Yesterday the Supreme Court took up the case of whether all or part of the Affordable Care Act passed by Congress
2 years ago is constitutional. Twenty six states, all with Republican Attorneys General or governors, have
filed suit claiming it is unconstitutional. The great irony of these suits is that the whole idea was not
invented by President Obama (ObamaCare) or even Mitt Romney (RomneyCare). It's origin goes back to
President Richard Nixon, who saw that
many people did not have adequate health care and wanted a solution, albeit a Republican solution.
had an employer mandate, forcing every business to buy health care for its employees, not unlike ObamaCare, that
forces individuals to do the same.
Later, the very conservative Heritage Foundation modified Nixon's plan and
that individuals, rather than businesses,
be forced to buy insurance from private companies.
For decades, this was the Republican
response to Democratic attempts to expand Medicare to cover everyone. Only after Obama pushed it through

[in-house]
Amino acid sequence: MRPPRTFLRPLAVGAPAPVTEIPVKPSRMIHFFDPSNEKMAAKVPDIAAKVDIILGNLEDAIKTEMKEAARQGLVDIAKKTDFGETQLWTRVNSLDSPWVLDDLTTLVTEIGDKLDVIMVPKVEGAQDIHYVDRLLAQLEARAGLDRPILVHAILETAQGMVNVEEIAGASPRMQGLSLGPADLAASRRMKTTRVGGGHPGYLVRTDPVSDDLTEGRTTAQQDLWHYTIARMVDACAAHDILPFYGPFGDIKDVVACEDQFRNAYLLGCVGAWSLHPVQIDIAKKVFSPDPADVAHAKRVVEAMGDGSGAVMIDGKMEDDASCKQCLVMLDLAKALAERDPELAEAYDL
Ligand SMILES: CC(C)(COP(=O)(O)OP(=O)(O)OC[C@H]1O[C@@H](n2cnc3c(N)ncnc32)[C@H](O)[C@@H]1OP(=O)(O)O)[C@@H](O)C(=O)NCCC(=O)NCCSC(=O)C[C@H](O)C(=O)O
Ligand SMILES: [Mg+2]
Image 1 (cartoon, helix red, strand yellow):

did the Republicans begin objecting to what was, in reality, their own plan.
On the face of it, the health industry constitutes about
18% of GDP
in all states, so there is little doubt that Congress can regulate the industry under the clause of the
constitution giving Congress the power to regulate commerce among the states. What is contested, however, is
whether Congress has the power to force individuals to buy a product (health insurance) from a private
company or face a fine. Although Nixon never got the plan passed, he certainly never doubted its
constitutionality, but times have changed, as has the Republican Party.
There are precedents all over the map concerning this. First, RomneyCare forces residents of Massachusetts
to buy health insurance or pay a fine and this law has never been successfully challenged. However, some
people argue that while the states can force people to buy insurance or wear seat belts or eat broccoli, the
federal government cannot. Other people argue that since caring for uninsured people costs the country about $116 billion